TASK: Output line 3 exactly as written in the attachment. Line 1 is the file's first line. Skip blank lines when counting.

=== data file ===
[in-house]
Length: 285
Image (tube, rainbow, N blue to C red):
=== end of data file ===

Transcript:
Image (tube, rainbow, N blue to C red):